FIG. 9 shows the measured dependency of the magnetic field strength along three directions (along the gap, across the gap, and from bottom to top) within the gap between the magnets or within the center gap of the T2-yoke magnet (shown in FIG. 3) and the Halbach magnet (shown in FIG. 4) respectively. Examples of determining the region that can be excited for each dimension are shown with the dashed-line boxes.

FIG. 10 shows the radiofrequency coil resonant circuit for the Halbach magnet.

FIG. 11 shows the radiofrequency coil resonant circuit for the T2-yoke.

DETAILED DESCRIPTION OF CERTAIN EMBODIMENTS OF THE INVENTION

Probeheads of the present invention include a magnet and/or magnetic field generator and at least one radiofrequency coil, and are much smaller and much less expensive than conventional combinations of magnet(s) and radiofrequency coil(s).

Weight and size of a probehead are critical factors for portable MR instruments. For example, weight and size reduction has implications in regards to system development and manufacturing, cost, and placement. Small probes may be, e.g., implantable in-vivo devices, embedded sensors for material testing, and sensors for on-line process monitoring. Additionally, because they are inexpensive provided small probeheads may be used in applications that benefit from disposable probeheads.

One aspect of the present invention is the scalability of a Magnetic Resonance (MR) probehead comprising a magnet and a radio-frequency (RF) coil. In particular, the present invention addresses the issue of significantly reducing size of probehead components while allowing measurement of magnetic resonance signal level(s), and, in particular, magnetic resonance relaxation parameter(s) and time(s). Designing a probehead specifically for relaxometry instead of conventional MR spectroscopy, allows for a dramatic reduction in its size and cost.

Magnet configuration and yoke design, if desired, can be accomplished initially by a theoretical prediction of what magnet and yoke configuration will lead to in terms of magnetic field strength. Suitable magnetic field strength will be discussed below. This can be done using standard analytical methods known in the art.

In one embodiment at least one magnet or magnetic field generator is shaped and/or configured to provide the magnetic field in a gap. In certain embodiments, a radiofrequency coil is positioned, either partly or completely within the gap of such a configuration.

For a given magnet configuration, for example, two opposing permanent magnets as presented schematically in FIG. 1 and shown in FIGS. 2 and 3, and a Halbach magnet as shown in FIG. 4, the magnetic field in the x, y, and z directions can be determined using standard methods known in the art, for example, by fixing a gaussmeter probe relative to the magnet and moving the magnet in incremental steps with a three axis stage while recording the field strength as a function of position to obtain a field map.

Given knowledge of the magnetic field, for example, in terms of a calculated or measured magnetic field map and a pulse length of a radiofrequency pulse to be used in relaxation measurements, a radiofrequency coil or radiofrequency coil array can be designed and concurrently a proper position for the same be determined. Pulse length and excitation bandwidth are inversely related. For example, a 2 μs pulse corresponds to a 500 kHz excitation bandwidth (see below for more details). The excitation bandwidth can be used to calculate: 1) for a given sample volume, the necessary magnetic field homogeneity to be able to excite part of or an entire sample volume, and/or 2) for a given magnet or magnet array, the volume that is excitable with a radiofrequency pulse of a given pulse length in the presence of the magnetic field of the given magnet or magnet array.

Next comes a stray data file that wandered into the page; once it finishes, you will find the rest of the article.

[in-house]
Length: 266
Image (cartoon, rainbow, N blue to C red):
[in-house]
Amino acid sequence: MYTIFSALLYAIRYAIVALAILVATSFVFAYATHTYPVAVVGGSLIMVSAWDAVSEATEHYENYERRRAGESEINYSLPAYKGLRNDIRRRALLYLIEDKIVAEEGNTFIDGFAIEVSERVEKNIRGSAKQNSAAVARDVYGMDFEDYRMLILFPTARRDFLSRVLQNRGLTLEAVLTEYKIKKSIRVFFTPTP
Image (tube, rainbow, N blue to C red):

Typically, a given excitation bandwidth dictates a requisite magnetic field homogeneity. Once a magnet is designed to create limited homogeneity of a volume that is suitable or desirable for a sample (e.g., which may be dictated by fluidics or specimen size of a sample), a coil is designed to excite a complete volume of excitable spins of a sample volume. Thus, according to the present invention, an excitation bandwidth appropriate for a magnet configuration guides the magnet and coil design as well as the probehead configuration design.

A probehead of the present invention includes (a) at least one magnet or magnetic field generator providing a magnetic field; (b) a space capable of accommodating a sample volume having an associated excitable volume; and (c) a radiofrequency coil having an associated detection volume, the radiofrequency coil being adapted and positioned such that its detection volume overlaps at least partly with the excitable volume. The magnetic field provided by the magnet or magnetic field generator is inhomogenous. The space accommodating the sample volume and the radiofrequency coil are adapted and positioned according to a radiofrequency pulse bandwidth optimized for a magnetic field distribution corresponding to the position of the sample volume. The probehead is thus optimized to obtain relaxometry parameters from a sample contained in the detection volume.